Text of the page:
So much of my college’s anti-racism and diversity efforts had to do with white privilege that I was almost made to believe that this was my main issue. I should engage with diverse others because I most likely grew up in a homogenous suburb. I should study abroad because I need to experience other cultures. I should do service projects in order to meet and help people who are not like me. The reality: I was a black Latino from a lower-income, immigrant community in New York who had a difficult time adjusting to the racial/economic make-up of a college campus. For me, addressing race and identity was not reducible to white privilege.
Austin Channing Brown has written an excellent post about “White Privilege Weariness.” As someone with experience in leading conversations on privilege at predominately white institutions, she asks: “Is it possible for us to talk about race, even white privilege, without making white people the center? I wonder if it's possible to bring the narratives of people of color to the center, to hold them for their own sake. I'm trying to recall if I have ever experienced a workshop/training that sought healing for people of color rather than education for white people.”
The problem with the discourse of white privilege is that it often crowds out the concerns and agency of students of color. We are there for the pedagogical consumption of our white peers. Any talk or event that deviates from that as the main purpose is subject to interrogation: “What can I do? How does this apply to me?”
How much of “diversity” and “multiculturalism” is mostly about the negotiation of white identity? I suppose that is why movies like The Help and Avatar, and campaigns like Kony 2012 are so appealing. The “other” is present but the main narrative has to do with white guilt and with the possibilities of white self-redemption. It’s all a kind of solipsism capable of absorbing diversity into itself.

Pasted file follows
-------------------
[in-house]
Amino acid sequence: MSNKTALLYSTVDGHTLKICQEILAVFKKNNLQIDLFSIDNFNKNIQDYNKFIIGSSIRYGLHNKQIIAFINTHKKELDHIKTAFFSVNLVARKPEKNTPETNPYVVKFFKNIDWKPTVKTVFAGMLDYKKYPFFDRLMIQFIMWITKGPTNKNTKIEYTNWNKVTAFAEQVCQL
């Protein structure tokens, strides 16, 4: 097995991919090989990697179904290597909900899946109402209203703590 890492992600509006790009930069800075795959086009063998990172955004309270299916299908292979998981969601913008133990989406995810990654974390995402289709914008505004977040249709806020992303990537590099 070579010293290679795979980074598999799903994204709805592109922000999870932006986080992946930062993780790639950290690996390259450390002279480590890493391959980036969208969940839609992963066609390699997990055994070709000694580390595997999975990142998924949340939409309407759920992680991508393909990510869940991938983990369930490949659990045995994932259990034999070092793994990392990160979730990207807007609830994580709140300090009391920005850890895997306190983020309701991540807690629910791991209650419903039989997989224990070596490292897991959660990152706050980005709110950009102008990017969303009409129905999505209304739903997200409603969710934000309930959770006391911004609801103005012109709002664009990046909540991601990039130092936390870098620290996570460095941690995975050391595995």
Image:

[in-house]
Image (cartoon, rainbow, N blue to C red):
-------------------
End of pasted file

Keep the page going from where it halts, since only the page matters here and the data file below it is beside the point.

Another problem with the language of privilege has to do with results. How much has privilege-talk, per se, improved conditions for people of color? The language of privilege has accelerated and become mainstream in American society. Yet, it has not necessarily worked to transform institutional inequality. What happened with Macklemore at the 2014 Grammys provided a good example. With all due respect to Macklemore as an artist (heck, I’ll admit that I like the thrift shop song), the truth is that he robbed Kendrick Lamar for best rap album. Those are not my words but the words that Macklemore, himself, texted to Kendrick after the awards. Ironically, Macklemore had already made a song titled “White Privilege” in which he critically reflects on white rappers gentrifying hip-hop and taking away black artists’ profits. Nevertheless, none of this changed the patterns of Grammy voting and results. Neither did it inspire Macklemore to address the problem in his acceptance speech. At the end of the day, what he did do was publicly share a text message showing that he felt bad.
What can we learn about the discourse of white privilege from Macklemore? I think that the theologian Amaryah Shaye put it best in her tweets. Stringing them together, she wrote: "What this event really shows is how useless the language of white privilege is in bringing about systemic change. Making white people aware of white privilege just gives white people more language to talk about themselves with while avoiding any kind of structural redress. Macklemore is probably feeling guilty right now, but what good is that?"
Thinking back to my college experience, what did the incessant focus on privilege do? It did not help me think about my own identity. It did not empower me. It did not increase the retention rate of students of color at my school. It did not change the fact that no faculty of color have ever retired from my college and few have ever been tenured.
Can white privilege-talk be more than a self-congratulatory pat on the back that changes nothing?